• This political thriller by Mark de Castrique presents a cloak-and-dagger scenario about the Federal Reserve and its far-reaching power and influence within and outside the USA. Published in 2012, it weaves together the timely concerns of terrorism and the financial crisis in the USA. Mr. de Castrique keeps the reader guessing who knows what and who the "good guys" and the "bad days" are.

    • Author de Catrique certainly seized on a creative plot line, building on Occupy Wall Street. There is a group of white men from all over the world meeting clandestinely, needing to keep the U.S. Federal Reserve controlling money in secret. The protagonist, Russell Mullins, is a former secret service officer, with the usual wounds, i.e. wife dead of ovarian cancer, problems with former job. Well, powerful white guys are super crafty, and set up Russell in a plot to steal millions from the Fed, an [...]

    • The first stand-alone thriller from the author of the Burryin' Barry and Sam Blackman series. Rusty Mullins is a driver/bodyguard for Federal Reserve executive Paul Luguire. When Luguire is said to have committed suicide, Rusty is positive the conclusion is wrong and Luguire has been murdered. He attempts to convince Detective Sullivan, of the Arlington Police Department, of this so the investigation won't be closed. Barry takes some vacation time and starts a murder investigation. It quickly de [...]

    • Russell "Rusty" Mullens is a retired secret service operative who is providing security to Paul Luguire, a Federal Reserve executive and its chief liaison with the U.S. Treasury. When he gets a phone call from a detective telling him that Luguire has committed suicide, Rusty doesn't believe it. When he begins to look into the death, he discovers several financial transactions that seem to be setting him up as a criminal. It looks as if someone is conspiring to destroy America's financial system, [...]

    • An executive with the Federal Reserve commits suicide. Only Rusty Mullins, former Secret Service agent and personal bodyguard to the executive isn't buying it. His search for what really happened leads him to a vast conspiracy to blow up the 12 Federal Reserve banks on the 4th of July. But there is also evidence of a 13th, unknown, target. And time is running out Castrique has written a perfect beach book. There is enough intrigue and action to keep you reading although there are certain aspects [...]

    • 2* This is my second listening and I can see why I wasn’t enthralled the first time. There are long passages of explanation, sometimes thinly veiled as dialogue. In fact, at times the explanation sounds more like a lecture or a rant. Making it worse for me, I lack a deep understanding of the processes and history of the financial institutions in the States, so I often get totally lost. Other readers will likely get more from this novel, but even on this second try I cannot give more than 2*.In [...]

    • A pleasant change from de Castrique's Buryin' Barry series or the Sam Blackman series.This one is a financial/political thriller involving the Federal Reserve system. For those readers who enjoy de Castrique's writing style, this is pretty much a 'must read'. For those readers who want to read a pretty good stand alone novel, give this one a try. Gets three stars because he did a rather poor job of hiding the primary antagonist.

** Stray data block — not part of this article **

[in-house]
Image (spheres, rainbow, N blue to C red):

• This is my third de Castrique book. I wasn't sure what to expect from this one, since the other two were Buryin' Barry and nothing like this one, but I was impressed with the intensity and the believability of the plot. Like Buryin' Barry, the main character in this one was very caring, intelligent, brave, and un-corruptable - to me, the main characteristics of a hero. Bring on the next one, Mark!

    • Another disappointment - not sure if I have just been reading too many no-so-good books or maybe I am just tired of waiting for the 3rd installment of Justin Cronin's series "The Passage" and the 4th installment of Steig's "The Girl with the Dragon Tattoo" (oh wait - it is out) but this ended with the protagonist having to explain the inner workings of the plot - never a good sign. I must remember that if I even do write a story or two,

    • This turned out to be a very good read. It held my attention and kept me turning the page, especially towards the end. This could easily be a made-for-tv movie. I would definitely watch it. I'll be looking for more from this author.

    • Good book in the vain of a John Grishom. At first, story a little hard to follow, but liked seeing the innerworkings of the Federal Reserve and seeing those potential folks wanting to see its demise.

    • I listened to the audio book which I think made it a little harder to follow the story at first. There were a lot of characters introduced at the beginning and I wished I had a hard copy to flip back and forth so I could remember who people were as the story went on.

    • This is a superior example of the political thriller with an intelligent plot delivering the expected interest and excitement.opionator.wordpress/2012/0

    • I listened to this as an audio book during a car ride. It kept me interested enough to not drive off the road, but you could tell who the real mastermind was a third of the way through the book. Overall, it was entertaining enough for me to "like it."

    • Interesting premise but too formulistic, as some GoodReads friends have suggested. The author shows promise although the tendency towards cliche is irritating at times. And some of the plot twists are absurd. 3 stars because I really liked the protagonist!

    • A linear, boring, face-value drag. Here's my impression of this book: this happened. Then, this happened. Then, this happened. Then, another thing happened. Then it ended.

    • This book kept me nicely occupied for a hew hours. I liked the protagonist and would love to read more books of this kind.

    • it's a book I would recommend even though it gets a little slow and worthy during the middle has a pretty decent ending I enjoyed the read

    • Easy listen with some good plot twists. Mullins is a good central character, though his ability to read body language and draw intricate conclusions is a bit far fetched.